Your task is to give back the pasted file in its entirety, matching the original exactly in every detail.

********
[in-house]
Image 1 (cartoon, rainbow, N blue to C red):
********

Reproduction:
[in-house]
Image 1 (cartoon, rainbow, N blue to C red):